Saturday, 15 February 2014

'Arizona - (after Don deLillo's 'Underworld)' 168x132cms


One of my  'A m e r i c a s c a p e s'  series and one of the strongest paintings of my career,  Now the children have grown up a bit, might risk putting it on the stairs....
 
In 1997, I was awarded a Boise Travel Scholarship from the Slade School of Art and made a series of train journeys around the US before painting for 2 months in a barn (belonging to sculptor Jon Isherwood) in upstate New York.  On my travels, I took a detour to the Grand Canyon where I had an incredible, sublime moment: alone on the edge of a promontory, in a jaw-dropping landscape, buzzards flying overhead, total silence.....
 
As an artist, how do you deal with that grandeur, that overwhelming visual, physical experience?  Like the 'City of Glass' series where I had problems dealing with the scale and familiarity of New York, I found my way in through a novel, this time with Don deLillo's 'Underworld'. 
 
There is a passage where the main character Nick Shay, visits an artist friend of his from New York who is making an artwork at an air base in the Arizona desert. It's not an active base, it's where the US airforce keep their decommissioned B52 bombers, rows upon rows of them, neatly parked. The artist and her team of assistants are systematically stripping the silver paint from the aircraft and then repainting them in wild, vivid colours. Of course, it's a piece that can only be seen from the air, and as a birthday treat Nick and his wife see the artwork from a hot air balloon, a fantastic passage on p:83, where through Nick's eyes you are seeing a painting, the like of which you can never have imagined.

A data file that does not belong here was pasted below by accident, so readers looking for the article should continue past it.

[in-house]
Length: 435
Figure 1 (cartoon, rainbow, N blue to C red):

I was mesmerised by the scale and ambition and beauty of the (fictitious) artwork- in an interview, the artist talks about the desert being the frame - and it resonated with my experience at the Grand Canyon.  
 
''This is a landscape painting in which we use the landscape itself. the desert is central to his piece. It's the surround. It's the framing device. It's the four-part horizon.'' 
Artist Klara Sax, p:70, 'Underworld'
 
In the painting there is so much space and heat, the white, blank canvas of Mexico the hottest part. In the top right corner is the image of the B52's, and in the spirit of the novel, although ordered in rows, each is different, individualised, 'decommissioned' from their military identity.  There are fifty aircraft, one for each state, and if you tilt your head you can see the deliberate link to the American flag. Scratched into the paint, is a very subtle trainline, ending at the powerful dot of Flagstaff where you catch the bus to the canyon.....
 
 
Detail- B52 bombers


 

'Arizona' & 'D.C.(Diamond City)' at the Michael West Gallery
 
 
 


1 comment:

  1. In the early twentieth century, in his series of lectures entitled Pragmatism, the philosopher and psychologist William James advanced the thesis that, broadly speaking, people can be separated into two general categories of personality – tough minded and tender minded. Here are these two classes as described by James in his own words:
    http://postmoderndeconstructionmadhouse.blogspot.com/2013/11/bellow-deans-december.html#.UyN3Wj9dXxA

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